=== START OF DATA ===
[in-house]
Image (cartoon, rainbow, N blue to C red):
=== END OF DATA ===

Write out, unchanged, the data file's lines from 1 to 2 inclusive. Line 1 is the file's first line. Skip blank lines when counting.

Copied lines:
[in-house]
Image (cartoon, rainbow, N blue to C red):